For a 2500 sf house, $4000 does not equate to the number of hours an architect has to spend to prepare a good set of working drawings. Let's not say the numerous back and forth meetings with the homeowner to come up with a good design. It is totally ridiculous that a good architect will even begin to think about charging $4000 for a house of 2500 sf. It is an insult. No wonder a majority of architects don't make any money because the market has relegated their importance to below that of the contractor who does not come close to having the education and training that an architect goes through. Contractors are remunerated very well for there work. And you architects out there competing with drafters and house designers are bozos because you will end working your behind off for pennies on the dollar unless you are super fast with CAD ,REVIT, CHIEF ARCHITECT or some other program and can whip out 2-3 minimal sets of plan a week. Here in New Orleans I would say that on the very low end, this is for builders who need a good set of plans for a spec house, perhaps about $8000 with minimal detailing - perhaps an 8-10 sheet job. On the higher end about $15,000 or above depending on the number of hours spent on design with the homeowner and number of hours spent on detailed working drawings - about 15+ sheets of drawings and details. I would venture to say based on experience that very special circumstances requiring highly specialized design services for a 2500 sf house will be $25,000+ where specialized knowledge is required, i.e. LEED rating, Passive Solar Design, etc. Architects need to unite to raise their fees and charge more or less the same across the board or if you want to be remunerated very well then do design-build; become a contractor offering both design and construction services.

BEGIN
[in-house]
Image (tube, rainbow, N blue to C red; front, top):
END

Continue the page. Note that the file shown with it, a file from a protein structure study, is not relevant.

Tyesha Cooper More than 1 year ago